Buehler, the No. 12 prospect per MLBPipeline.com, made his Major League debut on Thursday. After Buehler was called up on Wednesday, manager Dave Roberts said he wanted to ease Buehler into the action and pitch in low-leverage situations. Buehler had that opportunity in the eighth with Dodgers trailing by eight runs.

Full Game Coverage

"The back end of the game, one real highlight was obviously Walker Buehler," Roberts said. "And to see him break in like that, just the presence, the command of all his pitches. It just looked right. It was exciting for us."

The 23-year-old got off to a shaky start, allowing a leadoff hit to Carlos Gonzalez, but the hard-throwing righty settled in to get a double play and a groundout to end the frame. Buehler tossed two scoreless frames on 26 pitches (18 for strikes) and recorded two strikeouts, his first coming against the National League's top hitter, Charlie Blackmon, freezing him with a slider.

Video: COL@LAD: Buehler tosses two shutout innings in debut

Buehler, who had Tommy John surgery in 2015, has ascended quickly to the Majors, starting this season in Class A and now possibly pitching his way on the playoff roster.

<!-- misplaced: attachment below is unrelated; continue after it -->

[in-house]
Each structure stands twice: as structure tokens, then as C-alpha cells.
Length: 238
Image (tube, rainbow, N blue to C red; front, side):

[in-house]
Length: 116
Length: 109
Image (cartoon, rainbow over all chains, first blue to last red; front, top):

"Having repeat experiences, it helps," Buehler said about his rise. "My Triple-A debut was a disaster, so I was trying to avoid that. Every time I've debuted it hasn't gone really well. Luckily the big one I did well."

Buehler's four-seamer was clocked at 100 mph during the eighth and he averaged 98.9 mph on the night, a tick higher than teammate Brandon Morrow, who averages 98 mph, highest on the team. Roberts compared Buehler's stuff to a former teammate of his, Tim Lincecum, a former Cy Young Award Winner.

"He's bigger than Tim," Roberts said. "As far as the body type, the strength, the athleticism, poise on the mound and just pure stuff, very comparable to me."

As for his first strikeout ball, Buehler said the ball will go to his father.

"My dad lived away from me most of my life," Buehler said. "As I've grown older I've become more like him. He's a big memorabilia guy. He'll get that one."

Joshua Thornton is a reporter for MLB.com based in Los Angeles.

 

Los Angeles Dodgers, Walker Buehler